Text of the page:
Archives For Kickbacks

Michael Barnett, real estate developer, pled guilty to conspiring to defraud lenders and make false statements to HUD in connection with his development of Vineyard Commons, a luxury residential complex in Ulster County, New York.

According to Barnett’s admissions in court during his plea allocution and the allegations made in the Superseding Indictment:

Barnett, who was the developer of Vineyard Commons, sought kickbacks and investments from subcontractors and vendors on the project and made false statements to the project’s lender so that he could draw down on the project’s line of credit. Barnett arranged with two executives of a vendor who provided rough carpentry and lumber supplies on the project (the “Lumber Company”) to have the Lumber Company pay Barnett a kickback in exchange for Barnett’s award to the Lumber Company of the Vineyard Commons contract, as well as future business on other developments Barnett was planning. To raise funds for the kickback, Barnett and the two Lumber Company executives agreed that the Lumber Company would inflate its bid for labor and materials by approximately $865,000. Continue Reading…

Anthony Salcedo, mortgage broker, 34, Fair Oaks, California, was sentenced to five years and four months in prison for a mortgage fraud scheme. Salcedo was found guilty by a federal jury of one count of conspiracy and four counts of mail fraud after a five-day trial in June 2015. Continue Reading…

Sean McClendon, 49, Elk Grove, California, was sentenced to one year and eight months in prison.

On October 18, 2012, McClendon pleaded guilty to a conspiracy to commit mail fraud for his involvement in a Sacramento, California area mortgage fraud scheme with Anthony Salcedo and Anthony Williams. According to court documents, McClendon and Williams recruited straw buyers to purchase four properties owned by Salcedo or his associates using kickbacks, false financial information for the buyers, and payments outside of escrow.

All properties involved were foreclosed by the lenders, resulting in losses of over $1 million.

In June 2015, a jury found Salcedo guilty of four counts of mail fraud and one count of conspiracy to commit mail fraud. He is scheduled to be sentenced on November 12, 2015. On January 29, 2015, Williams was sentenced to two years and nine months in prison.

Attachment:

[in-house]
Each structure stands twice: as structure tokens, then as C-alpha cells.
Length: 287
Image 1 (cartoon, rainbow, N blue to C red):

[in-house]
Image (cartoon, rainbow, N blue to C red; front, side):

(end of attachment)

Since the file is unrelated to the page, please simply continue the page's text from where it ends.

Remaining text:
United States District Judge Morrison C. England Jr. sentenced McClendon.  The case is the product of an investigation by the Internal Revenue Service – Criminal Investigation and the Federal Bureau of Investigation. Assistant United States Attorneys Jean M. Hobler and Marilee Miller are prosecuting the case.

Hubert Rotteveel, 52, Dixon, California was sentenced  to three years and four months in prison for one count of mail fraud, .

In September 2014, Rotteveel was found guilty by a federal jury of one count of mail fraud relating to 13 properties in Dixon. According to evidence produced at trial, Rotteveel acted as a real estate salesperson for the 13 properties, with over $7 million in loans authorized for just two buyers in seven months. He inflated the values of the properties and worked with loan officers to provide false information to lenders about the income and liabilities of the buyers to induce the lenders to fund loans for the properties. Rotteveel surreptitiously made the down payments on the homes, instead of the buyers, and got that money (and usually more) back from the lenders at closing. For most of the transactions, when the sales closed, the escrow officer distributed funds to a bank account in the name of Windmill Properties, a company owned by Rotteveel, without disclosing these payments to the lenders. All 13 properties were used as rentals, with Rotteveel collecting the rents through Windmill Properties. He netted over $300,000 through the sales in just seven months, and the lenders lost more than $3 million when all 13 properties underwent foreclosure.